Kidney beans have a robust flavor. They’re particularly good in simmered dishes, such as chili, as they hold their shape and absorb surrounding flavors. White kidney beans are known as cannellini beans.
Chew on this: Sauté finely chopped onions, garlic and mushrooms. When cool, mix in mashed kidney beans (cooked or canned), cumin powder and salt and pepper, to taste. Form into patties and pan-fry in oil until well browned. Serve with salsa.
Lima beans, sometimes called butter beans, have a potato-like taste and buttery texture. Named for their native Peru’s capital city, lima beans are available dried or frozen all year. During summer months, you may find them fresh in their pods at farmers’ markets. A favorite use for them is in succotash.
Chew on this: Sauté fresh or cooked dried lima beans in oil with garlic. Then combine with baby spinach, diced tomatoes, cilantro and cooked brown rice pasta.
Mung beans are small, round green legumes with a sweet flavor. They’re most often used in African, Asian and Indian dishes. When sprouted, quick-cooking mung beans are usually called bean sprouts.
Chew on this: In a bowl, combine cooked mung beans, brown rice, toasted shelled sunflower seeds, chopped tomatoes, fresh mint and a dash of turmeric powder. Cut bell peppers in half lengthwise, remove seeds and fill with bean mixture. Bake until peppers are soft.
Navy beans are pea-size and creamy white. They obtained their modern-day name because they were a staple of the U.S. Navy in the early 20th century. Quick cooking, mild-flavored navy beans are perfect in dishes that don’t need the full bean shape to shine: purees, stews, soups and baked beans.
Chew on this: Make a nutritious bread or cracker spread by blending cooked navy beans in a food processor with olive oil, fresh cilantro, garlic, lemon juice, a dash of cayenne and salt.
Pinto beans are strewn with splashes of reddish-brown color. Once cooked, these favorites of Mexican cuisine (“pinto” is Spanish for “painted”) award the palate with a wonderful earthy taste and creamy texture.
Chew on this: In a bowl, mix together cooked pinto beans, cooked quinoa, diced tomatoes and cucumber, fresh parsley, corn kernels and a splash of lime for a hearty main-course salad.
Gluten-Free Mung Bean Burgers with Kiwi Lime Salsa
MAKES 8 BURGERS
This healthy riff on traditional burgers uses quick-cooking mung beans but works equally well with other bean varieties. Serve topped with this fresh salsa.
1 cup dried mung beans
1 cup gluten-free rolled oats
1 cup mushrooms, diced
½ medium onion, coarsely chopped
2 garlic cloves, chopped
1 tablespoon cumin
¼–½ teaspoon cayenne
- Juice of ½ lemon
- Salt and ground black pepper, to taste
⅓ cup sunflower seeds, optional
3 kiwi, diced
1 jalapeño, diced and seeded
- Juice of 1 lime
⅓ cup fresh cilantro, chopped
1. Soak mung beans for several hours. Bring beans to boil in 3 cups fresh water. Cover and simmer over low heat until beans soften, about 30 minutes.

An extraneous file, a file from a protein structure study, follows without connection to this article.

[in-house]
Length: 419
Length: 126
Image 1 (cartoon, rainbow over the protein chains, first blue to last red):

2. Place beans in a food processor, along with oats, mushrooms, onion, garlic, cumin, cayenne, lemon juice, salt and pepper. Process until smooth but still grainy. Mix in sunflower seeds and process until seeds are incorporated into the bean mixture. Form into equal-size patties. If the bean mixture is too moist to form into patties, place it in the refrigerator for about 1 hour to solidify a bit.
3. Heat oil in a skillet and cook burgers over medium-high heat for about 3 to 4 minutes per side.
4. To make salsa, combine all ingredients in a bowl. Serve over mung bean burgers.
Each burger with salsa contains 196 calories, 2g total fat, 0g saturated fat, 0g trans fat, 0mg cholesterol, 8mg sodium, 36g carbohydrate, 8g fiber, 10g protein.
These just might be the highest fiber brownies around. So chocolaty, even kids won’t have an idea what the secret ingredient is.
1 (15-ounce) can black beans, drained and rinsed, or ¾ cup dried black beans
5 tablespoons neutral-tasting oil, like canola or grape
1 cup sugar
½ cup unsweetened cocoa powder
½ cup bean flour or other gluten-free flour
1 teaspoon xanthan or guar gum
1 teaspoon vanilla
½ teaspoon baking powder
½ teaspoon cayenne or chili powder, optional
½ cup chopped walnuts, optional
¼ cup dark chocolate chips, optional
1. If using dried black beans, soak them for several hours and cook them until very tender, about 60 minutes.
2. Preheat oven to 350 degrees. Grease an 8-inch square baking pan and set aside.
3. Add black beans to a bowl of a food processor and process until a paste forms. Add eggs, oil, sugar, cocoa, flour, xanthan gum, vanilla, baking powder and chili powder, if using. Process until smooth and well combined. Add walnuts, if using, and process until walnuts are mixed in.
4. Spread batter evenly into prepared pan. Top with chocolate chips, if using.
5. Bake in preheated oven for about 30 minutes or until an inserted tester comes out clean.
Each brownie contains 191 calories, 8g total fat, 1g saturated fat, 0g trans fat, 53mg cholesterol, 180mg sodium, 27g carbohydrate, 4g fiber, 5g protein.
TIP Allergy-friendly chocolate chips are available from enjoylifefoods.com
Succotash, traditionally made with corn and tender lima beans, is a classic recipe often served at Thanksgiving, but it’s equally delicious any time of the year. Serve it as a side dish for dinner or a healthy lunch. Edamame, if tolerated, can replace the lima beans. Serve warm or chilled.
1 tablespoon vegetable oil
1 medium onion, chopped
2 cups lima beans, fresh or frozen
2 cups corn, fresh or frozen
2 garlic cloves, minced
2 tomatoes, diced
1 jalapeño pepper, seeded and diced
½ cup parsley, chopped
- Juice of 1 lime
- Salt and pepper, to taste
1. In a large skillet, heat oil over medium heat and cook onion until soft, about 4 minutes. Mix in lima beans, corn and garlic and cook until beans are tender, about 12 minutes, stirring occasionally.
2. Mix in tomatoes and jalapeño and cook for 3 minutes. Stir in parsley, lime juice and salt and pepper.
Each serving contains 148 calories, 3g total fat, 0g saturated fat, 0g trans fat, 0mg cholesterol, 40mg sodium, 28g carbohydrate, 6g fiber, 6g protein.
Canadian-based Matthew Kadey, RD, wellfedman.com, is a dietitian and a food writer.